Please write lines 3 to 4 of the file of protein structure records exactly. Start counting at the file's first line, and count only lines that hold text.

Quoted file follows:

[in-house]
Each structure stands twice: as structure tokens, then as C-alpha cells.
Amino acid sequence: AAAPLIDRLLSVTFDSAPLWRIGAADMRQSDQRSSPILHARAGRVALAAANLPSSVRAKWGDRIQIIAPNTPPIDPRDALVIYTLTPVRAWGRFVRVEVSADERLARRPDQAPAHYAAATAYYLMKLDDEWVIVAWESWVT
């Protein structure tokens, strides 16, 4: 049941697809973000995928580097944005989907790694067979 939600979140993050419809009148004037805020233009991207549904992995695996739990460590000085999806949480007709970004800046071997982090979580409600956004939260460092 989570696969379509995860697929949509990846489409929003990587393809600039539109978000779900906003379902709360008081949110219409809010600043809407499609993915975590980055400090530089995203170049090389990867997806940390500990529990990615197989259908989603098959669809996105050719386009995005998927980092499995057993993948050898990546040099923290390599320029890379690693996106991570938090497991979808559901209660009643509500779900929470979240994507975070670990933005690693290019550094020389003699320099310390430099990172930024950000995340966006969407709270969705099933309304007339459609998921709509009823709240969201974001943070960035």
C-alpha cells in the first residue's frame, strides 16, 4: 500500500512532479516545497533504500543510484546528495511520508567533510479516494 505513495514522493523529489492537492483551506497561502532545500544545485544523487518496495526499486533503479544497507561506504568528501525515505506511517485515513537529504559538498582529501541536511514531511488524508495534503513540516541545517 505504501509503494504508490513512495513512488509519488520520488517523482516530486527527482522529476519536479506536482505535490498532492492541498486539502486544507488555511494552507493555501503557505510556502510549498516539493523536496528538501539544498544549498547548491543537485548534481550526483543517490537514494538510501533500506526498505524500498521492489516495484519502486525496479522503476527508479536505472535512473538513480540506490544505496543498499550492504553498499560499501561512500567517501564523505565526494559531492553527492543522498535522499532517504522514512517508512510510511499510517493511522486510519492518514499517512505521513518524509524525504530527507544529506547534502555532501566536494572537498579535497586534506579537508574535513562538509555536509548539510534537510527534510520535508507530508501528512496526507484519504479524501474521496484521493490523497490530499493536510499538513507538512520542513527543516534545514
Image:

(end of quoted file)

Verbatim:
Amino acid sequence: AAAPLIDRLLSVTFDSAPLWRIGAADMRQSDQRSSPILHARAGRVALAAANLPSSVRAKWGDRIQIIAPNTPPIDPRDALVIYTLTPVRAWGRFVRVEVSADERLARRPDQAPAHYAAATAYYLMKLDDEWVIVAWESWVT
């Protein structure tokens, strides 16, 4: 049941697809973000995928580097944005989907790694067979 939600979140993050419809009148004037805020233009991207549904992995695996739990460590000085999806949480007709970004800046071997982090979580409600956004939260460092 989570696969379509995860697929949509990846489409929003990587393809600039539109978000779900906003379902709360008081949110219409809010600043809407499609993915975590980055400090530089995203170049090389990867997806940390500990529990990615197989259908989603098959669809996105050719386009995005998927980092499995057993993948050898990546040099923290390599320029890379690693996106991570938090497991979808559901209660009643509500779900929470979240994507975070670990933005690693290019550094020389003699320099310390430099990172930024950000995340966006969407709270969705099933309304007339459609998921709509009823709240969201974001943070960035």